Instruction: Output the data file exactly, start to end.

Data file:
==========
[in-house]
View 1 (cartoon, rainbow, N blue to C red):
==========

[in-house]
View 1 (cartoon, rainbow, N blue to C red):